Finally, I would expressly require a hearing concerning the derivative ineffectiveness claim relating to trial counsel's failure to develop mental-health and life-history mitigation at trial. As to the mental-health aspect, the majority faults Dr. Barabash's report because she "does not state that she has any knowledge of Appellant's mental health at the time of the offense." Majority Opinion, op. at 747, 927 A.2d at 615. The entire report, however, is obviously a forensic one derived from Appellant's life history before his capital crime, culminating in the conclusion that the various mental impairments described "constitute an extreme mental and emotional disturbance" and "substantially impaired his capacity to appreciate the criminality of his conduct or to conform his conduct to the requirements of law:' Psychological Evaluation, at 5. Particularly as the only relevance of these conclusions would be to the mitigating circumstances concerning a defendant's mental condition and/or state at the time of a capital offense, I do not see how the report can be fairly read as speaking to anything other than just that. Further, as highlighted in the amended PCRA petition, it appears that certain records that may have been reasonably available to trial counsel indicated of Appellant that:
There is ego impairment in terms of concreteness of thinking, excessive suspiciousness, and an inability to relate well to other people. I am diagnosing him with a Mixed Character Disorder with Schizoid elements and a history of drug abuse.
Mental Health Evaluation dated Oct. 30, 1990, at 2; see Amended Petition at 50. Given its potential significance in a capital case, this seems to me to be enough to put counsel on inquiry notice concerning potential mental health mitigation evidence that would warrant a mental health examination. Further, I do not believe that it is the defendant's burden in every case to present an affidavit from his trial counsel discussing his performance to merit an evidentiary hearing, as, quite obviously, where counsel has not performed adequately, he may not be willing to cooperate. Finally, I disagree with the majority that an absence of self-reporting on the part of a criminal defendant of mental health deficiencies should obviate an investigation that is otherwise called for by information of which counsel should be aware. See Majority Opinion, op. at 748-49, 927 A.2d at 616. Capital counsel has the obligation to pursue all reasonably available avenues of developing mitigation evidence. Commonwealth v. Gorby, 589 Pa. 364, 390, 909 A.2d 775, 790 (2006) (citing Wiggins v. Smith, 539 U.S. 510, 521, 123 S.Ct. 2527, 2535, 156 L.Ed.2d 471 (2003); Williams v. Taylor, 529 U.S. 362, 396, 120 S.Ct. 1495, 1515, 146 L.Ed.2d 389 (2000)).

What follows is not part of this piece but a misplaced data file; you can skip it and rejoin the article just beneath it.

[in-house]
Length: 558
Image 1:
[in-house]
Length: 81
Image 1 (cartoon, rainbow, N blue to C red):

As I have previously noted, there is fairly widespread consensus that the sort of mental-health and explanatory-type life-history mitigation evidence presently proffered by Appellant can serve as effective mitigation. See generally Wiggins v. Smith, 539 U.S. 510, 534-35, 123 S.Ct. 2527, 2542, 156 L.Ed.2d 471 (2003); Williams v. Taylor, 529 U.S. 362, 396, 120 S.Ct. 1495, 1.514-15, 146 L.Ed.2d 389 (2000); Allen v. Woodford, 366 F.3d 823, 850-51 (9th Cir. 2004) ("Defense counsel's use of mitigation evidence to complete, deepen, or contextualize the picture of the defendant presented by the prosecution can be crucial[.]"); People v. Coleman, 168 Ill.2d 509, 214 Ill.Dec. 212, 660 N.E.2d 919, 934 (1995) ("We acknowledge the critical importance of a defendant's background and mental health to the sentencing decision.").
As to the life-history aspect, the weighing decision in a capital case by definition involves matters of degree, see Commonwealth v. Brown, 538 Pa. 410, 429, 648 A.2d 1177, 1186 (1994), and although life-history mitigation was introduced at Appellant's sentencing hearing, his post-conviction proffer contains a good deal more information. Particularly in light of the fact that the mental-health proffer expressly relates the life-history mitigation to specific mitigating factors, I believe that the post-conviction court should have entertained this evidence as well and made the requisite factual findings and legal conclusions concerning its impact. Although the PCRA court repeatedly stated that these proofs would not have changed the outcome of the trial, its findings in this regard are in the context of an undeveloped record and are set forth in a conclusory fashion with little or no supporting analysis. See Commonwealth v. Washington, Nos. 1037-1055 (PCRA), slip op. at 13 n. 7, 16 (C.P.Phila., Oct. 24, 2001).
Justice BALDWIN joins this dissenting opinion.